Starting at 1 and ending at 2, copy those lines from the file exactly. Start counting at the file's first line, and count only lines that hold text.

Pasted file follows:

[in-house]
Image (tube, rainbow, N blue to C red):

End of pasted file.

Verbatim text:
[in-house]
Image (tube, rainbow, N blue to C red):